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letter writing. I shall send up some copy for Hamilton next week." Before the end of January he writes "All the copy of the translation is now forthcoming.
The celerity with which he executed this. task is more surprising as, for the reasons just mentioned, he was a translator rather from necessity than choice.
Of the difficulties attending this department of literature, he had a higher notion than is usually entertained.
"As to translations in general," he observes, "without fearing an imputation of selfishness for attempting to magnify our office, an assertion of Horace may be transferred, with entire confidence, and undisputed truth, to versions of authors in the dead languages from the reception of comic writers in ancient Rome.
Creditur, ex medio quia res arcessit, habere
Plus oneris, quanto veniæ minus."
Epist. ii. 1. 168.i
i" "Tis thought that Comedy least skill demands;
"Translation, because the materials are provided to our own hands, is thought an easy occupation; but the candour and indulgence of a reader bear no ratio to the difficulties of a labourer in this province; for, in fact, an unrestrained and idiomatical transfusion of a Greek or Latin author into a modern language, with fidelity to the sentiment, and unoffending facility of connected and free construction through successive paragraphs, constitutes an undertaking nice and arduous in the extreme, - so as to become, in some instances, an almost insuperable task.” *
This translation is accompanied with short notes, containing illustrations of various passages in ancient authors, both sacred and profane, more particularly the former.
"I have been solicitous," he adds, "even in the execution of a work like this, not to lose sight altogether of an object eminently grateful and interesting to my feelings; I mean a most earnest desire, from a deep and matured conviction of their essential connection with the permanent and substantial happiness of the human race, of recommending the Scriptures of Revelation, not merely as the grand repositories of invaluable truth, but as elegant stores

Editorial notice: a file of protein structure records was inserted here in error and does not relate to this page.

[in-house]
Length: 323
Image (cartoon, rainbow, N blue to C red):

Manuscript preface originally intended for this work.
of philological amusement, replete with specimens of the noblest sentiment, and with every fascinating beauty of language and composition: specimens abundantly meriting the regard and admiration both of the linguist and the philosopher. Until the books of the Old and New Covenant shall be made by scholars the subjects of rational philology, and be read, studied, and criticised, like an ancient classic, we are highly unreasonable in expecting a removal of the veil from the hearts of unbelievers.'
At the close of the above observations, he alludes to his feelings and situation, in a passage which we prevailed upon him to suppress while he remained under the power of his enemies.
"I executed the task, imposed on myself, under a multiplicity of interruptions and disquietude; yet the reader, who forms a rational and equitable judgment of my feelings from an experimental acquaintance with my sentiments and conduct, will know himself authorised to consider me, not as acquiescing only, but as exulting, in my captivity, corroborated and consoled, as I am, by the incessant gratulations of an approving conscience,
and by the inexhaustible delights of solid literature; blessings, which cleave to their possessor under all the vicissitudes of time and place, and through all the revolutions of mortality-as glorying in my punishment, amidst the plaudits of friends and benefactors, some of the most virtuous, enlightened, and affectionate, of mankind! whose sweet infusion of benevolence and sympathy has tempered that cup of bitterness, which the malignity of my persecutors had mixed for me, into a potion of health and joy."
At the end of November in this year, Mr. Wakefield received the unexpected intelligence of the death of his much-esteemed friend, Michael Dodson, Esq. This gentleman (who was the nephew of that distinguished judge Sir Michael Foster) united considerable endowments of the understanding to the amiable and milder qualities of the heart. Educated to the profession of the law, his studies were by no means confined to that object. His intimate acquaintance with the Scriptures, and Biblical criticism in general, has long been acknowledged by eminent scholars.
Though Mr. Dodson's friendly, and indeed
affectionate, attachment had been shewn to Mr. Wakefield on various occasions, especially after he had incurred the severities of ministerial prosecution, our friend had not the least expectation of being noticed in the generous manner described in the course of the following letter:
MY DEAR SIR,
Dorchester Gaol, Nov. 30, 1799.
I HOPE you will be equal to the decyphering of this letter, for Chrysostom has so wearied my hand that I can scarcely write at all. I take an opportunity of enclosing some copy, though they have already got plenty; but I wish it out of my sight: and you will be kind enough to convey it to Hamilton at your leisure.
Dr. Pett told me of Mr. Dodson's death, and the day, or second day after, I saw it in the " Morning Chronicle." Mrs. Wakefield suggested the propriety of a letter to his widow, which I immediately acknowledged. I wrote accordingly in terms of condolence, and in terms ardently expressive of my great regard and high veneration of his talents and virtues; under which sentiments you remember me to have uniformly spoken of him.
Last Sunday (five days after my letter)